The cost of going back to work after your baby is born

Cost of going back to work after baby is born

When you add a little bundle of joy to your family, you’ll make a lot of decisions. Some will be small, like how many cute baby onesies you really need. (Answer: probably not as many as you think!) However, others are huge and have the potential to impact your family life in a lasting way, like whether you want to go back to work after parental leave, or become a stay-at-home parent.

The best thing you can do for you, your partner, and your baby right now is to look at this decision in several lights:

  • The financial implications of going back to work vs. staying home
  • The emotional impact that your decision could have on both parents
  • What solutions are available to you, including childcare and work options, and how they might impact your lifestyle both in the short and long-term

Let’s start by looking at financial benefits and drawbacks. While of course, the decision has emotional and practical components as well, knowing long and short-term costs of both options can help you see a more comprehensive picture of what may develop one, five, or even ten years down the road.

The financial cost of returning to work

Although returning to work feels like the financially savvy thing to do, this isn’t always the case. If the partner who is considering staying home is the breadwinner for your household, losing the salary may be a bigger hit than your family can cope with. However, if you and your spouse or partner have relatively equal salaries, or your spouse could potentially cover your living expenses with his or her salary alone, staying home may be a financial benefit for your family.

If you return to work, you could face several heavy expenses. First and foremost, most parents are shocked at the cost of daycare. For babies and toddlers, the average cost of daycare centers is $10,000 to $11,000 per year nationwide. For preschool-aged children, the average cost is a little bit less – around $9,000 a year. Still, those are some big numbers to suddenly have to work into your budget. In some cases, given the high cost of childcare, you might actually lose money by going back to work.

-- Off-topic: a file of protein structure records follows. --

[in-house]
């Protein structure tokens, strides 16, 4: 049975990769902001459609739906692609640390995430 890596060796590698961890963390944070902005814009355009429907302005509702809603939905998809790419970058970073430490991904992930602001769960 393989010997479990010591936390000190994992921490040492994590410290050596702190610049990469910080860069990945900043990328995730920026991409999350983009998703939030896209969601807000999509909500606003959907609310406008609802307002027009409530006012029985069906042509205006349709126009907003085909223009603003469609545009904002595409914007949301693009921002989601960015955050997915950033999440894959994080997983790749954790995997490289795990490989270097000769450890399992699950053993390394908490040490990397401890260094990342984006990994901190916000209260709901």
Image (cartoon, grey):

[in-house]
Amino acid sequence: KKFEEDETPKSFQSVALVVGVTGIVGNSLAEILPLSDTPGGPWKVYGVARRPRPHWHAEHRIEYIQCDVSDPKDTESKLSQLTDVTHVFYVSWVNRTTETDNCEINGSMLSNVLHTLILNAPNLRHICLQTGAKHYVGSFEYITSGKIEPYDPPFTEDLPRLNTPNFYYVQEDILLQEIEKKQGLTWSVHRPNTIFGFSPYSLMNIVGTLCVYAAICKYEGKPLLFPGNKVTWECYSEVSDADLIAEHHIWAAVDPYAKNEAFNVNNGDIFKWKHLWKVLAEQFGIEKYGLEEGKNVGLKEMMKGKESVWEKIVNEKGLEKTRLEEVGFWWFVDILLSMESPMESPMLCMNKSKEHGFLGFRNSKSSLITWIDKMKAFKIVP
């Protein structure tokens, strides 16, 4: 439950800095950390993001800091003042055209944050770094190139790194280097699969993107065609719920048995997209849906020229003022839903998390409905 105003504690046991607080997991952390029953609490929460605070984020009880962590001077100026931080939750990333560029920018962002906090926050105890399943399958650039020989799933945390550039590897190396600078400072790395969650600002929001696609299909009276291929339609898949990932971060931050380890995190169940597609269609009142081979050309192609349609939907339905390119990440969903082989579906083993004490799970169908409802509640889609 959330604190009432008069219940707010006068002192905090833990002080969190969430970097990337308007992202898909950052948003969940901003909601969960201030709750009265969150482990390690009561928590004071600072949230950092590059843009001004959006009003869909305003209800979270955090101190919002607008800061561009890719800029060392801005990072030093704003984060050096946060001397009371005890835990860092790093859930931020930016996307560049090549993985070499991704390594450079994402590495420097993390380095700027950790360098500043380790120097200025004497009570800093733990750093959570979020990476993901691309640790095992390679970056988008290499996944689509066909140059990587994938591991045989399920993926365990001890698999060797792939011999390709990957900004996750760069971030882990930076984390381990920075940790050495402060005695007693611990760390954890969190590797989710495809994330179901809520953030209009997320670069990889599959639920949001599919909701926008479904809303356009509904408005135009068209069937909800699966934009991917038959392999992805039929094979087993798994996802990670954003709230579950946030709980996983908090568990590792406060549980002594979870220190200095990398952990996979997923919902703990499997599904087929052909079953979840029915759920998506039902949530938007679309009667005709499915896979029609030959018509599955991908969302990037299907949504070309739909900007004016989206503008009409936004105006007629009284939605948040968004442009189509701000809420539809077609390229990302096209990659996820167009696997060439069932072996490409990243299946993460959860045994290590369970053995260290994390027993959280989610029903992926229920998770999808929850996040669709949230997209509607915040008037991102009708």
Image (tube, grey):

Explore other childcare options, like a part-time nanny, or nearby family or friends (if they’re willing and able) to help reduce the cost of childcare. Look into whether or not your employer offers subsidized childcare options, including the option to set aside a portion of your earnings in an FSA. Check with your local church or community center for childcare choices, or see if your local government offers assistance.

Costs other than childcare that you should think about include clothing for your job, transportation and workday meals.

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The financial cost of staying at home with your baby

If you plan to take off several years to stay home with your child and avoid paying the high cost of daycare, you run the risk of losing employer benefits, if they are offered, such as:

  • Access to workplace benefits like healthcare (if this isn’t available through your spouse or partner), an HSA, and a retirement savings plan
  • Employer-provided freebies or discounts on technology  like a laptop or a cell phone
  • A 401(k) employer match

You could also lose:

  • The continued career and salary growth that comes with time in the workforce, a big contributor to the lifetime wage gap between women and men. Some studies project that the wage gap will cost millennial women $1 million over their careers. One of the factors that contribute to the wage gap is the disproportionate amount of time that women spend caring for the family.
  • Career growth and honing valuable skills, both of which come with time in the workforce
  • Social Security benefits that accrue while you’re in the workforce, which could result in a lower payment to you when it’s time to collect. Social security benefits are tied to your lifetime earnings. In 2017, retired men collected an average of $1,519 per month compared to an average $1,202 for women. The lifetime wage gap is partly based on the number of years in the workforce.

You’ll notice that a few of the costs of not returning to work are fairly forward-thinking. It’s important to frame your value as an employee in your given field based on the ongoing training you receive, work you do, and industry changes you’re up to speed with because you’re in the thick of it every day.

When you step away from your career, it’s possible that you’ll lose some of the experience that can only be gained while on the job. This might mean getting hired back into the workforce several years down the road at a lower salary or having more limited benefits available to you as a new employee.

Non-financial factors that may sway the work or stay-at-home decision